Extortion and violence are on the rise, especially in Port-au-Prince, which is suffering a gang war. Christians from several churches and ministries ask for prayer and help.
According to the UN Office for the Coordination of Humanitarian Affairs (OCHA), around 2,500 people died in Haiti so far this year, 1,000 were injured and almost 970 kidnapped.
In the second half of August alone, 71 people were killed, several were injured and over 10,000 locals were forced to flee their homes due to serious human rights violations by criminal groups across the country.
“The humanitarian community is deeply concerned about another escalation of violence of extreme brutality. Entire families, including children, were executed while others were burned alive. This upsurge in violence has caused unspeakable continued suffering of Haitians”, said the UN humanitarian coordinator, Philippe Branchat.
The United States had to close its embassy in Haiti due to nearby shootings. Gang violence has plunged te capital city, Port-au-Prince, and the surrounding area into lawlessness.
Social organisations in Haiti recently denounced that all churches are closed due to extortion and blackmail by criminal gangs, which demand payment to allow religious services to be held.
Maxo Joseph, of the Vision for Haiti and the World Foundation, reported that criminals kidnap church members in Port-au-Prince to demand ransoms of up to $100,000. If they are not paid, the church members are not released.
“It is now a worldwide problem and as a pastor, I feel I have to call for my country but also for support from the international community”, underlined Joseph.
Several Christians were killed by a criminal gang at the end of August, during a march where Christian churches demanded the liberation of the country from the armed criminality that has subjected them for years. According to reports by local journalists and human rights groups, the marchers were attacked with machine guns from a criminal group that controls one of the capital's most dangerous neighbourhoods.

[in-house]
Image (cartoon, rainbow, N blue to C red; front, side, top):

In a video posted on social media, missionary pastor in Haiti, Eleasin Torres of the Blessing Valley Church of God in Puerto Rico, pointed out that “Haiti is going through the worst moment in its history, several of the neighbourhoods where we have established churches have been occupied by the criminal gangs that have taken over the country”.
The pastor added that for the first time, the church he leads, founded fifty years ago, “has been closed. Our brothers and sisters had to flee with the few things they were able to take with them, because death is everywhere”.
According to Mission Network News, the violence is now limited to the south of Haiti. Pastor Torres agreed that “in the countryside there is still a little more freedom, but the city is cornered. Port-au-Prince is under siege, the criminal gangs have divided it into sections”.
“Just because they see something in the news about Haiti, not every Haitian is bad. Not everybody is bad. There are good people and there are hurting people in Haiti”, said Roseline DeHart of For Haiti with love, which runs a clinic that cares for burned children in the city of Cap Haitien.
DeHart explained that “while this bad news has been going on again, we have people calling us to see if we are safe, I keep telling them that Cap Haitien is okay. It is normal”.
Every time Haiti is on the news, “our contribution goes down because people don’t want to send the money thinking that it doesn’t go down because of all the problems that are going on”, she added.
“We are having a hard time buying supplies for the clinic. When somebody comes in the clinic, we can’t tell them no, because they are hurting. We would like prayers. Maybe God will talk to somebody to help us to buy the stuff we need for the clinic”, concluded DeHart.